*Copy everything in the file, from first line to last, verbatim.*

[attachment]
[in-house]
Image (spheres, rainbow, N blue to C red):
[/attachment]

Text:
[in-house]
Image (spheres, rainbow, N blue to C red):